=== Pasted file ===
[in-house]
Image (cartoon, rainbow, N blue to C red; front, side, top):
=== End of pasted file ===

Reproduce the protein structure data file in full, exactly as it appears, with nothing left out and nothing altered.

[in-house]
Image (cartoon, rainbow, N blue to C red; front, side, top):